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President Michael O'Malley, Cuyahoga County

On behalf of the Ohio Prosecuting Attorneys Association let me welcome you to our website.  Here you will find information about the role of prosecuting attorneys and our Association.

The prosecutor’s role in the criminal justice system is often misunderstood.  Ohio’s 88 elected county prosecutors are committed to justice.  The prosecutors I know aren’t motivated by “winning” or trying to send everyone to prison for as long as possible. They are motivated by their responsibility to enforce the law, to make their communities safe and to fairly administer justice. And fairness and justice is what matters most of all.  Prosecutors live this every day.

Part of our role is to have a voice in public policy debates affecting the criminal justice system. To that end, Ohio’s prosecutors serve an important function reviewing and advocating for legislation with one goal in mind – the safety and security of our communities.

Ohio’s prosecutors are active in community and civic affairs.  From speaking to school children about the dangers of drugs to serving on numerous committees and commissions, Ohio’s elected prosecutors and their assistants serve in vital roles.

As legal counsel to a variety of County elected officials, offices and agencies your county prosecutor assists in ensuring efficient and responsible county government. 

I’m proud to be a prosecutor and honored to serve as President of the Ohio Prosecuting Attorneys Association.  Please take your time and look around.  Hopefully you will find information here that is educational and informative about your county prosecutor. 

Michael C. O'Malley
Cuyahoga County Prosecutor
2022 OPAA President

OPAA Member Webinars

webinar piicture

Ohio's Judicial System: What you should know.

- OPAA Conviction Review Best Practices

- What do county prosecutors do?

- The grand jury

- Plea agreements

- DNA testing

- Death penalty

Upcoming Events:

Executive and Legislative Committee
May 26th, 2022
Highbanks Metro Park (nature center), Lewis Center, Ohio

OPAA Summer Workshop
June 24th and 25th, 2022
Breakers Cedar Point

OPAA Fall Training
September 29th and 30th, 2022
Crowne Plaza Cleveland Playhouse Square

OPAA Administrative Professionals Training
October 27th, 2022
Sheraton Columbus at Capitol Square

OPAA Annual Meeting
December 8th and 9th
Hilton Columbus at Easton

Locate Your County Prosecutor

From Butler County Prosecutor Gmoser:

May is older Americans Awareness Month which reminds us that not only of the physical abuse that happens upon our aging population, but also the monitary scams on older persons that can truly be an devistating issue.

While we still see many of the same scams that have been around for years, we know that scammers tend to maximize on the latest national event or season.

With spring in the air we find more aging folks working on repairs of their homes and hiring "contractors" that happen to be in the neighborhood working on a house and can save them all kinds of money, with just a bit of downpayment. While not always a scam, one should verify their claim with the neighbors and be ever caucious of con artists looking to take advantage of those that can least afford it.

Also, with the unrest in the Ukraine many will get calls for donations. There are many ways through reputable charities to help those in need. If you have concerns, one place to check if a charity is reputable is charitynavigator.org.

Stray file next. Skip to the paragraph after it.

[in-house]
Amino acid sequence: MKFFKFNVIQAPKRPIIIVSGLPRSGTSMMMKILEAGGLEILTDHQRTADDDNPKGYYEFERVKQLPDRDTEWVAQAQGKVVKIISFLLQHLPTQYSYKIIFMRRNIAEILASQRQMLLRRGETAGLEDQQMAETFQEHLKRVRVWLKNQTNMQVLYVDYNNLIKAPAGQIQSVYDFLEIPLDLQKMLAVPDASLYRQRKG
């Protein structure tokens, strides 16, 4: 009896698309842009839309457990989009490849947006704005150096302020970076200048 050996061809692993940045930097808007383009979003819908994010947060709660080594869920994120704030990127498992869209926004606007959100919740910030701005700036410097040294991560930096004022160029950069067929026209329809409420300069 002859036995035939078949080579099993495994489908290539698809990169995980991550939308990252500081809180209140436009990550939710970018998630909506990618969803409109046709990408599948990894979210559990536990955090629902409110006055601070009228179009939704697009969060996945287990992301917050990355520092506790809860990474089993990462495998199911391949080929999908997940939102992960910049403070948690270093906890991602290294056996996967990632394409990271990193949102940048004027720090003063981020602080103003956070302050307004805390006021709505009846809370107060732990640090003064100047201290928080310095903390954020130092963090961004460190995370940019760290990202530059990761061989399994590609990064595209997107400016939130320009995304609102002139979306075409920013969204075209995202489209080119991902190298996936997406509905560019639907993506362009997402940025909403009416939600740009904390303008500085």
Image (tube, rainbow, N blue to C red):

Thanks to Butler CountyProsecutor Gmoser for sharing this tip sheet that his office uses when presenting to his ageing constituants.

It’s probably a SCAM if:

  • you see a “pop-up” COVID test site that has not been referred by your doctor or is not listed on a public health website.
  • you receive a threatening call from the IRS or Social Security Administration.
  • you receive a call from a grandchild who is in trouble, needs money immediately and wants you to keep it a secret.
  • you receive a request for money on Facebook, IM or Text from an acquaintance or stranger.
  • you see an opportunity on-line promising a job, but you must provide your Personal Identifying Information (PII) and/or money.
  • you receive a phone call, email or a pop-up message on your computer asking for your PII.
  • a message pops up on your computer suggesting that your computer has a virus and you have to pay them to fix it. DO NOT CLICK ON THE MESSAGE.
  • you are offered a free trial, but have to pay shipping and handling.
  • you receive a call, email or letter informing you that you have won the lottery, sweepstakes or “Publisher’s Clearing House”.  It always follows with a request for you to send money for insurance or taxes.
  • you meet someone on-line who professes their love quickly without actually meeting you, claims to need money for an emergency, tries to lure you off the dating site and/or  plans to visit, but they always cancel because of some “emergency.”

What is Personal Identifiable Information (PII)?
The Department of Homeland Security (DHS) defines Personal Identifiable Information or PII as any information that permits the identity of an individual to be directly or indirectly inferred, including any information that is linked or linkable to that individual, regardless of whether the individual is a U.S. citizen, lawful permanent resident, visitor to the U.S., or employee or contractor to the Department. Examples of PII are: your full name, home address, email address, social security number, Medicare number, passport number, driver’s license number, credit card numbers & date of birth.

Butler County Prosecuting Attorney
Michael T. Gmoser
SCAM HOTLINE: 1-888-662-3673

The tip sheet can be also be downloaded by clicking this line

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